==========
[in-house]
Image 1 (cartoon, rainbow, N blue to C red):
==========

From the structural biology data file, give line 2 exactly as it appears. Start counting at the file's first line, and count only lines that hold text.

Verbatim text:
Image 1 (cartoon, rainbow, N blue to C red):